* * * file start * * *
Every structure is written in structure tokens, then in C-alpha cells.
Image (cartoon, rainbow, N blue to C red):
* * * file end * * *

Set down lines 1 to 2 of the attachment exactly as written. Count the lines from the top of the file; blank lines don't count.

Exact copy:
Every structure is written in structure tokens, then in C-alpha cells.
Image (cartoon, rainbow, N blue to C red):